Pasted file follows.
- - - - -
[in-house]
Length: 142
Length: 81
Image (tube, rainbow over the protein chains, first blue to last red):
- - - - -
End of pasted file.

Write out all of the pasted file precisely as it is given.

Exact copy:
[in-house]
Length: 142
Length: 81
Image (tube, rainbow over the protein chains, first blue to last red):